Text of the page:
Finally, the form and character requirements for this new pump station will be strict. The end result will be a very attractive building with suitable landscaping that will blend in quite well with the existing houses in the area. If there has been any decrease in property value in the Beech Street area, it is because of the inflammatory comments and the unrelenting campaign of the residents who are complaining and creating a much bigger issue out of this than exists in reality. Imagine if they had listened to the professionals involved, and applied some rational thought to the situation and not raised such an alarm. I fear that the very residents who have complained about the risks so loudly, and inflated those risks beyond any reasonable level have done the most damage to their own property values.
Much of the commentary that has been printed revolves around the risk to the estuary and foreshore. Yes, there is a risk as the existing sewage mains do run through the estuary and along the foreshore. However, this project is aimed at removing the biggest risk of failure of all – the Willemar Bluff section. Kris LaRose, P.Eng., the CVRD senior manager of water and wastewater services very rightly explains that the forcemains and pump stations that will remain have considerable life in them, and should not be retired prematurely.
It should also be noted that the CVRD has let a contract to inspect all of the forcemains to properly ensure they are serviceable and to take care of any vulnerable locations immediately. Finally, I can guarantee that when the time comes to replace the remaining sections of forcemain, the CVRD will be removing as many of them as possible from vulnerable locations. I can promise that I will be one of the people ensuring that happens by either bidding on and winning the design contract, or doing what is necessary to hold the CVRD accountable.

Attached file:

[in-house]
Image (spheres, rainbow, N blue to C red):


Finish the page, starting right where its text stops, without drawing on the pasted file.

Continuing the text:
The final point of this matter that needs addressing is all of the hyperbolic language around how democracy is being destroyed. This is completely untrue. All currently legislated procedures and processes were followed when the land was procured, and on all project decisions. I know that the Municipal Ombudsman investigated, and found absolutely no wrong doing.
The CVRD has been taking great effort to have public outreach including open houses. What is actually happening is that a few loud voices are being unsuccessful in bullying the CVRD and the Sewage Commission. Well, that is how democracy works. Your voice will be heard, but if your points are not valid, they will not impact the decision making. If the people complaining truly care about democracy and think that the currently legislated processes are flawed, I look forward to seeing them run in one of the next elections available to them on a platform of reforming the policies around land procurement and capital project decision making.
In summary, the proposed pump station will make an excellent neighbour. It will be quiet, odourless, well maintained, and attractive. The proposed pump station will eliminate a massive environmental risk immediately. The risks to the neighbourhood where it will be placed, including the risks to any wells, is minimal.
Andrew Gower , FEC, P.Eng., PE